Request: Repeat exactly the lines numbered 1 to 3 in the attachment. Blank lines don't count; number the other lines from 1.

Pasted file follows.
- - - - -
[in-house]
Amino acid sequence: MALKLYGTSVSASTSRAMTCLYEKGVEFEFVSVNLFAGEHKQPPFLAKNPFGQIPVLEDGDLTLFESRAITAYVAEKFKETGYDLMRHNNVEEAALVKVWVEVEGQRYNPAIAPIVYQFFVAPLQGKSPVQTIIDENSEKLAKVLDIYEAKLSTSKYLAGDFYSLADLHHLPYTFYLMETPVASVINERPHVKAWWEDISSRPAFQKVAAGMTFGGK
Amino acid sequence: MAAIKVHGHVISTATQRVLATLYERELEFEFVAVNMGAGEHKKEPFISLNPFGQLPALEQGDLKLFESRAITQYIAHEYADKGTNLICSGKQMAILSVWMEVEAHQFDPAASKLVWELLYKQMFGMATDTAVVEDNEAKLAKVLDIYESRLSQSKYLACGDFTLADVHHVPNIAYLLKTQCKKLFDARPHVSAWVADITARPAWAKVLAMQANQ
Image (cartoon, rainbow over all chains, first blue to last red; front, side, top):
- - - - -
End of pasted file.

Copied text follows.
[in-house]
Amino acid sequence: MALKLYGTSVSASTSRAMTCLYEKGVEFEFVSVNLFAGEHKQPPFLAKNPFGQIPVLEDGDLTLFESRAITAYVAEKFKETGYDLMRHNNVEEAALVKVWVEVEGQRYNPAIAPIVYQFFVAPLQGKSPVQTIIDENSEKLAKVLDIYEAKLSTSKYLAGDFYSLADLHHLPYTFYLMETPVASVINERPHVKAWWEDISSRPAFQKVAAGMTFGGK
Amino acid sequence: MAAIKVHGHVISTATQRVLATLYERELEFEFVAVNMGAGEHKKEPFISLNPFGQLPALEQGDLKLFESRAITQYIAHEYADKGTNLICSGKQMAILSVWMEVEAHQFDPAASKLVWELLYKQMFGMATDTAVVEDNEAKLAKVLDIYESRLSQSKYLACGDFTLADVHHVPNIAYLLKTQCKKLFDARPHVSAWVADITARPAWAKVLAMQANQ